A bitter row exploded on Court 15 on Saturday when Ajla Tomljanovic accused Jelena Ostapenko of faking an injury, lying and ‘disgraceful behaviour’.
Tomljanovic, who faces Britain’s Emma Raducanu in the fourth round, had won six games on the trot to take a 4-0 lead in the decider when her opponent told the umpire she was injured and needed a medical timeout.
With the Australian about to serve, Ostapenko sat down in her chair and said: ‘I cannot continue. I have pain.’
Jelena Ostapenko (R) and Ajla Tomljanovic (L) were involved in a heated clash after their match
The Grand Slam rules state that a player must wait for the next changeover to receive medical treatment, unless they have an ‘acute injury’. The umpire called for the physio, to the fury of Tomljanovic: ‘You know she’s lying, right? We all know. Are you taking into any consideration that she looked fine for an hour and 30 and now there’s an acute injury?’
The Latvian was assessed by the physio and left the court to receive treatment. She eventually returned and Tomljanovic won 4-6, 6-4, 6-2.
After a belated handshake, the war of words got personal. Ostapenko: ‘If you think I’m faking it, you can talk with the physio. Your behaviour is terrible. You have zero respect.’ Tomljanovic: ‘You’re the one to talk.’ Ostapenko: ‘What? You’re the worst player on tour.’
The row continued into the press conferences as both players doubled down. First came Ostapenko and the case for the defence.
Ostapenko (above) called a timeout when Tomljanovic was 4-0 in the final set, which angered her opponent
‘First of all, she cannot say anything because she knows zero about my injury,’ said the 24-year-old, who won the 2017 French Open. ‘And second, it was very disrespectful from her.
‘I had a problem with my abdominal in the second set. I should have called physio earlier, but I was just trying to forget the pain and focus on the game.’
And then her parting shot: ‘I think my level today was not good after the first set, because if I played at least 50 per cent I would have beaten her.’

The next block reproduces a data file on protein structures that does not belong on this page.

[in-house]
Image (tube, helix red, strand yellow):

Now the case for the prosecution. ‘I have been in situations where players use that medical timeout to put their opponent off, usually when they are losing badly,’ said Tomljanovic.
‘She can say she was injured. I don’t think she was. There was nothing wrong with her the whole match, but then why on 4-0 she calls it? She just wanted to get me off my game. Usually if you are dealing with an injury, you say, “Hey, can you call the physio on the next changeover?” You don’t just go and sit down when your opponent is about to serve to go up 5-0.
Tomljanovic thought Ostapenko was faking the injury in order to break up her rhythm
‘There was nothing wrong with her. I know when someone is injured and when they’re not.
‘Then to top it all off, for her to call me disrespectful at the end of the match — it’s laughable.
‘I think it’s disgraceful behaviour from a Slam champion, because kids look at her and, what, they see that?’
The medical timeout is a thorny issue in tennis — it is sometimes abused for tactical reasons.
But it is not an easy problem to solve, with tournaments terrified of the legal ramifications if they are seen to be denying players medical treatment.
When Tomljanovic sealed the win, Ostapenko said that her opponent’s ‘behaviour is terrible’
The Australian bit back at Ostapenko saying that the Latvian ‘was one to talk’
‘There definitely should be a rule where we prevent that from happening, because it happens way too much in the women’s game,’ said Tomljanovic.
‘But I guess you cannot deny medical help to a player. The thing is you can always lie, but this is where sportsmanship comes into play. No matter the rule, we are elite athletes and I expect more.
‘The fact that she did it at 4-0 when I was about to serve, that’s disrespectful. It’s not what you do, especially at Wimbledon. It’s the pinnacle of sport. I’m just tired of seeing it happen. We can do better than that.’
Tomljanovic will now face 18-year-old British player Emma Raducanu (above) on Monday